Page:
There’s always an evil twin
Color, light, sound and the smell of marinara sauce, bread and cheese filled every inch of the building. Other kids laughed and screamed while the adults watched. Some of them with more enthusiasm than others.
I picked up the huge piece of cheese pizza in my little hands and bit off the sagging end. The greasy juice touched my tongue, and I smiled as I chewed.
Next to me, my twin sister Julie, scowled at her own pizza.
“It’s good,” I said through my food.
She turned her scowl on me. My enthusiastic chewing slowed, and I had to fight to swallow.
“I want cookies.”
“Mom said to eat what they served us.”
Julie’s scowl turned into a glower, a contrast to our matching pink dresses and pigtails with bows. “I want cookies.” Her one blue eye and one brown eye stared into mine.
“Maybe we’ll have cake later.”
“I don’t want cake.”
Mom had told me to ignore Julie if she tried to pressure me, so I turned back to my pizza and took another bite. The hair on the back of my neck prickled like I’d just gone out into the cold, but I didn’t turn back to Julie.
I knew what she wanted, and I wasn’t going to do it.
Mom said I didn’t have to.
“Julie, Jackie,” Mira’s mom said as she made her way around the table. She handed me a plastic card—like mom’s credit cards. “These will let you play the games. I’ll show you how to do it when you’re finished eating. Can you put those in your pouch?”
I wiped my hands on the napkin next to my plate and took the purple card from the woman. I carefully slipped it into the little crocheted green pouch that hung around my neck. Mira’s mom had made the pouches so we could keep everything safe.
“Thank you,” I said.
“You’re welcome,” Mira’s mom said with a huge smile. “And one for you, Julie.”
Julie took the card and shoved it in her pouch, still glaring.
I kicked her under the table.
“Thank you,” Julie said in a flat voice.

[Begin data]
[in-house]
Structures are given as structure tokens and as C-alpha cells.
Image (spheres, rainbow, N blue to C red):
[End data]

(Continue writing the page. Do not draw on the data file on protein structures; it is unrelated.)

Mira’s mom smiled again, already moving on to the next little girl.
“I don’t want to play stupid games,” Julie said.
I ignored her and joined the conversation with the rest of the girls.
“I’m going to play skee ball. My dad showed me how to get lots of point.”
“I’m going to crawl up into the car.”
“When does the band play?”
I looked around as I chewed. Games—most of which I didn’t know how to play—filled one side of the room. A small play land ran above that, and a stage sat at the end of our table.
“What do you want to do, Jackie?” Mira asked.
I blinked. “Uh.” I ducked my head. “I want to watch the show.”
“Boring,” one of the girls proclaimed.
“Maybe to you,” Mira said.
Julie kicked me under the table and leaned closer. “They hate us.”
I invoked the meanest thing I could think of and said, “Shut up.” If Julie told mom I’d said that, I would be in trouble.
“Watch this,” Julie said. Her scowl turned into an evil grin, and she sat up. “Hey Mira, can I come play games with you?”
I caught Mira’s mother giving her a stern look.
Mira looked from her best friends, to Julie, then to her mom. “Of course. We can all play.”
“Okay,” Julie said with a fake smile.
We finished our food and then Jackie dragged me to the game area with the others.
“I don’t want to play,” I said.
“Just try one,” Julie said. “Mom would want you to.”
I looked at the colorful carpet. Mom would want me to. So I stepped up to a skee ball machine, touched my card to it like Mira’s mom showed us, then watched as the balls dropped down into the slot.
I sighed and picked one up. The wood felt smooth but the ball felt heavy.
“Go on, you can do it,” Julie said in my ear.
I grit my teeth, swiveled my arm back and then launched the ball forward.
The ball made it up and over the bump at the end of the track, but just barely. It didn’t make it into the 10 point area.
The other girls laughed.
“Try again,” Julie said.
“No,” I said, shaking my head. “You do it.”
“This is your game,” Julie said.
I ground my teeth and tried again, with the same result.
Mira’s other friends laughed again.
Burning shame filled me, and I stepped away. “I’m going back to the table.”
Julie caught me by the elbow. “You can stop them.”
I blinked, trying to hold back tears, and shook my head.
“Stay until I finish your game, then I’ll go back with you.”
I nodded, and wiped my nose.
Julie was good at games. She would show them. But she didn’t. She did as bad as I did, and the girls laughed at her too.
“Freaks,” one of Mira’s friends said. “Your eyes don’t match. Must make you stupid.”
Julie’s eyes filled with tears, and anger swelled inside of me.
I’d promised mom not to do this, but she’d promised that we would have a good time. If she could lie, I could too.
I let the anger build, and once it felt like it was going to blow the top of my head off, I let it go and imagined a rubber ducky.
The girl who had been laughing the loudest turned first. Her glittery-shoe-wearing best friend screamed, and she turned second.
Mira’s mom ran over. “What happened?”
The other girls screamed as Mira turned.
“You show them,” Julie said. I looked at her and expected to see her crying, but she was smiling. “You show them.”
It’s not hard to come up with something creepy when I get these four options:
Genre – Horror
Character – 7 (ish) Year Old Twin Girls
Setting – ChuckECheese
Random Item – Rubber Ducky